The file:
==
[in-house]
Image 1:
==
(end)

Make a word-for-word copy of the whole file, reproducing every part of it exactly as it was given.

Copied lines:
[in-house]
Image 1: